How we decide to look at things is something that intrigues me. Choosing a seat on a busy train is a process that engages one’s assessment skills. Relying considerably on intuition. And prejudices show up, fears, stereotypes, anticipation. Escape routes will be calculated in half a second.
And there are the rules that must be followed. Who I am reduces the options – does the middle-aged white man sit next to the bearded 20 something white man with ear-phones plugged in, film on his i.pad and 2 phones on the table in front of him? He’s busy. His bustle and pre-occupation communicates, “I need a bit of space….thanks!”
What about the knitter? Could she accommodate a companion for a couple of hours? Click, click, twirl, repeat. Was she giving off analogue signs? “I need a bit of space….thanks!” Or was she a welcomer? “I can multi-task…do sit down, let’s chat…” My tension was building as other passengers in search of a seat behind me began to shuffle. “What’s he doing?” “What’s he going to do…?
I was aware of the rubbish on the table immediately to my left. The man in the seat, buttoned up mack, had spread his breakfast out and spilt stuff. Helpfully though, the seat was next to a parcel rack where I could dump my heavy bag and get out of people’s way. Commit!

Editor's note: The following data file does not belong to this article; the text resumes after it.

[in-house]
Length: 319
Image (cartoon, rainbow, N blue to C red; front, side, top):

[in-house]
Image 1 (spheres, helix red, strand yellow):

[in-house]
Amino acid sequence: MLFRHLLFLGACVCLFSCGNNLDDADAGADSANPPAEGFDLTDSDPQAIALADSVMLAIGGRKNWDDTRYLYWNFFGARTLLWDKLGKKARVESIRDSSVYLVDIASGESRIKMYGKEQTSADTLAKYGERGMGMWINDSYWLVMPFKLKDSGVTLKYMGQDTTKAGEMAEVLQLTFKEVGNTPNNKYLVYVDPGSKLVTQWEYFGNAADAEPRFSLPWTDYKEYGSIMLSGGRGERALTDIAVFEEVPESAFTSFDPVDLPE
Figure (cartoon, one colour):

We adjusted. Rubbish was moved but the spilt milk was left in front of me.
What’s important to you today? This led to, first “My wife.” And then a two hour conversation hinging round conspiracy theory. Politics, global, national, and local – all rich veins to mine if you want to shine a cynical torch on the systems that are supposed to manage how we live together. Who is in control? Multi-nationals, petro-chemicals, pharmaceuticals. How can you live the way you want to? Isolation, declining health, trying to hold onto principles were explored.
As we approached my destination, I prepared to take my leave. “You can chose to look at all this from a different perspective.” “Yes, I know,” he said. “What about from by a waterfall. All that natural energy.” “Yes, maybe.” He looked up and I thanked my companion for the conversation. “I’ve done most of the talking,” he said.
This was not a coaching conversation. But it was also not a standard conversation. I was rewarded in my forced decision to share my journey with a thinking man. A principled and creative man, willing to share. I wonder what he’s thinking about his journey with me. It reminds me of how one of my coachees described an early coaching conversation. “Not a wanky conversation in the pub…”